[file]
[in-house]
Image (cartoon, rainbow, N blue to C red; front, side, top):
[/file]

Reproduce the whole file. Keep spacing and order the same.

[in-house]
Image (cartoon, rainbow, N blue to C red; front, side, top):